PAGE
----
By 1886 Isaiah became head of the drawing office, and then a partner. In 1918 he left to form his own business, Isaiah Platt of Wednesbury. Two other family members, John Platt and George Platt left the business on 31st August, 1904, as can be seen below (from the London Gazette):

In the 1904 edition of Kelly's Staffordshire Directory, Frederick Platt is listed as living at The Shrubbery, Wood Green Road, Wednesbury, and the business is still listed as Samuel Platt, Brass & Iron Founder. In the 1909 Ryder's Annual the business is advertised as Samuel Platt Limited.

By this time the firm was producing a wide range of products including machinery for tube making, nut and bolt making, drop hammers, stripping presses, reeling and straightening, and also lathe chucks, pulleys, mill gearing, shafting, shaft fittings, and pressings.

The firm also patented designs for a wide range of machines, for many applications.


An advert from 1909.


An advert from the 'Engineering Journal' 1909.


From 'Engineering' 24th November, 1899.


King's Hill Foundry. From the collection of the late Howard Madeley.


From the 1918 Wednesbury Handbook.

In 1945 the company was voluntarily wound-up and reconstructed, as can be seen below:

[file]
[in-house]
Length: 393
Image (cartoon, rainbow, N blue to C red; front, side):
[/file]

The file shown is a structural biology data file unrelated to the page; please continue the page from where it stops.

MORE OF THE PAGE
In 1959 the business was acquired by Harper Engineering and Electronics, and in 1965 it became part of Cope Allman & Company. In 1981 Samuel Platt Limited was wound-up:

Some of the company’s patents:

6th October, 1926 Substitutes for packing non-metallic stuffing-boxes. By Ralph Frederick Platt.
7th December, 1926 Metalworking presses. By George Arthur Standley and Samuel Platt.
15th September, 1927 Improvements relating to machinery bearings. By Ralph Frederick Platt.
1st March, 1928 Improvements relating to presses. By George Arthur Standley and Samuel Platt.
26th March, 1928 A machine for coating fabrics and like materials in long lengths by applying an adhesive and then dusting or sifting powdered cotton, wool, etc. in various colours. By Downham & Company (1927), Limited and Samuel Platt.
26th September, 1929 Improvements in or relating to machines for surfacing fabrics and like materials in long lengths. By John Downham & Company and Samuel Platt.
3rd November, 1932 Stuffing box substitutes. By Ralph Frederick Platt.
26th April, 1934 Improvements relating to machinery bearings. By Ralph Frederick Platt.